Comment: Re:Why they WON'T (Score 1) 613

by thomasinx (#30882494) Attached to: Why the IRS Should Automatically Fill In Returns With What It Knows

Ummm, NO.

The government would include all the informaton that they know already and then you would fill in the rest =- the way this is set up, they don't put your taxes to pay in there. You are responsible to add in what else you earned, just like today.

True, you're "responsible to add in what else you earned", but if you know they can't catch you for it, what prevents you from not telling them?.

Another thing is... how do you know that the person filing the tax return is the person they're claiming to be? That would be one easy way to find out a *lot* of critical information about someone simply by requesting the governments tax return info so they can fill it out. (Identify theft anyone?)

Comment: Re:About time to arm ourselves (Score 5, Informative) 450

by thomasinx (#30648584) Attached to: INTERPOL Granted Diplomatic Immunity In the US
This summary is flat out WRONG. It's phrased to start a flamewar. Click the news link, and see what it says. He did not grant full diplomatic immunity to INTERPOL. I quote from the article: "Basically, recognizing a group under the International Organizations Immunities Act means officials from those organizations are exempt from some taxes and customs fees, and that their records cannot be seized." FOIA might be affected, but they are not immune to crimes.

Comment: The company apologized (Score 5, Informative) 645

by thomasinx (#29832361) Attached to: Singer In Grocery Store Ordered To Pay Royalties
Yes, she was ordered to pay royalties. However, shortly afterward, the company sent her flowers, and issued a formal apology (ie, they realized they went *way* too far).

and I quote the article...
"In a note attached to a large bouquet of flowers they said: "We're very sorry we made a big mistake. We hear you have a lovely singing voice and we wish you good luck." "

Comment: Re:That is an incredibly dumb question. (Score 5, Insightful) 730

by thomasinx (#29058595) Attached to: Why Should I Trust My Network Administrator?
There are no dumb questions.

He's here asking for advice, so give it to him. Even though most of the people who read/post this board are heavily involved with IT, and it might be a common sense answer, the fact is that to this person it isn't as simple a solution.

In many cases, people have sensitive information that they are handling on their servers, and whether or not to trust the IT staff is a valid question. (not all geeks are trustworthy). Also, in many cases, (especially with startups) they dont have the resources to hire on-site IT staff, so they have to outsource it. It introduces a dilemma that many will have to deal with.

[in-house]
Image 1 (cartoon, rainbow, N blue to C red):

-T
Science

Dogs As Intelligent As Average Two-Year-Old Children 472

Posted by timothy
from the buddy-the-dog-is-hiding-his-smarts dept.
Ponca City, We love you writes "The Telegraph reports that researchers using tests originally designed to demonstrate the development of language, pre-language and basic arithmetic in human children have found that dogs are capable of understanding up to 250 words and gestures, can count up to five and can perform simple mathematical calculations putting them on par with the average two-year-old child. While most dogs understand simple commands such as sit, fetch and stay, a border collie tested by Professor Coren showed a knowledge of 200 spoken words. 'Obviously we are not going to be able to sit down and have a conversation with a dog, but like a two-year-old, they show that they can understand words and gestures,' says Professor Stanley Coren, a leading expert on canine intelligence at the University of British Columbia in Vancouver. Dogs can tell that one plus one should equal two and not one or three,' says Coren, adding that dogs 'can also deliberately deceive, which is something that young children only start developing later in their life.' Coren believes centuries of selective breeding and living alongside humans has helped to hone the intelligence of dogs. 'They may not be Einsteins, but are sure closer to humans than we thought.'"
Security

+ - CARS.gov EULA Allows the Government to Own Your PC 1

Submitted by
54mc
54mc writes "Glen Beck today revealed what a close inspection of the End User License Agreement for the CARS system contains. From the EULA, "This application provides access to the DoT CARS system. When logged on to the CARS system, your computer is considered a Federal computer system and is the property of the U.S. Government." The EULA goes on to include other specific aspects of what exactly belongs to the computer.Will this be yet another issue for the already troubled system?

This is of course, yet another example of EULAs that no one reads going way too far."